This easy pecan pie with the best, homemade all-butter crust is made without corn syrup and just a bit of bourbon, for a not-too-sweet, classic Thanksgiving dessert.
I’m a fan of all types of pie, especially during the holidays, where I always make a pumpkin pie and a curry turkey pot pie (aka the best thing you can do with those Thanksgiving leftovers!), plus an apple pie (because you can never have too much pie during Thanksgiving). But the one pie that is absolutely mandatory in our house, is pecan pie. It always hits the spot, especially after you’ve let your meal settle and your sweet tooth kicks in.
This pecan pie starts with a flaky, buttery crust filled with toasted pecans, then filled with a smooth, mapley-sweet (not too gooey) filling spiked with a wee bit of bourbon. And better yet, there’s no corn syrup in this pecan pie. Over time and lots of experimenting, I’ve found the perfect crust to filling ratio and ideal level of sweetness that makes it the best pecan pie recipe, and one that is now my to-to year after year.
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What’s in the BEST Pecan Pie
I’ve tinkered with all sorts of different variations over the years. I’ve tried chopped nuts, whole nuts, maple syrup instead of light or dark corn syrup, less sugar, par-baked, not par-baked, booze, or no booze. The list goes on. What I’ve found is that pecan pie filling can be cloyingly sweet. Also, it’s typically made with corn syrup which I’m not really a fan of. That’s why I forgo the corn syrup and use a mixture of Lyle’s Golden Syrup and dark brown sugar.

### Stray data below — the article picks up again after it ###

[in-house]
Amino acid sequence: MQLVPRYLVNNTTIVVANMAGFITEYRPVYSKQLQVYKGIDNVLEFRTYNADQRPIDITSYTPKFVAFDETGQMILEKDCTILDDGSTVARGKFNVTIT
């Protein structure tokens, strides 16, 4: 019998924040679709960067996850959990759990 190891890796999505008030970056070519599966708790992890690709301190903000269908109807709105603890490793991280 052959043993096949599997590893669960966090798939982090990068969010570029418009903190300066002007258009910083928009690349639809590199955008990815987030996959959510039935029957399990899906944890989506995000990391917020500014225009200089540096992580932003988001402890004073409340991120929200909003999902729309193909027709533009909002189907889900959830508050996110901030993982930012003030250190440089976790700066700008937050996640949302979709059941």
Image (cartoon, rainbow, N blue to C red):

Here’s what you’ll need to make this pecan pie:
- 1 9-inch all butter pie dough—you can halve the recipe to make one pie crust
- Dark brown sugar—it provides a deeper, toastier, more caramelized molasses flavor than light brown
- Lyle’s Golden Syrup—this British cane syrup looks like honey and is the same viscosity as both honey and corn syrup but is a wee bit less bad for you. Find it in well-stocked grocery stores, at World Market (it’s usually in the UK section of the world foods aisle), or you can order it online. Alternatively, use a different high-quality golden syrup, honey, or ¾ cup dark brown sugar and ½ cup maple syrup (the darker the better).
- Bourbon—you can certainly leave it out if that’s not your thing. No need to use an expensive bourbon here, but don’t use the cheapest either.
- Vanilla extract—if you leave out the bourbon, use 3 teaspoons vanilla instead of two.
- Kosher salt
- Pecan halves—use raw, unsalted pecans and toast them beforehand so that the pecan flavor really sings.
- Maldon Sea Salt—a sprinkle of this flaky salt is a nice contrast with the sweetness of the pie.
How to Make the BEST Pecan Pie
Make your pie dough. Make your pie dough if you haven’t already. Wrap your dough disc in plastic wrap and refrigerate for at least 30 minutes (ideally overnight), or up to 3 days.
Once you’re ready to roll your dough, remove it from the fridge to a lightly floured countertop. Use your fingers to make indentations along the outside circle of the pie disc before rolling (this helps prevent the edges from cracking). Pound the dough with the rolling pin to warm it slightly as it flattens and becomes more pliable.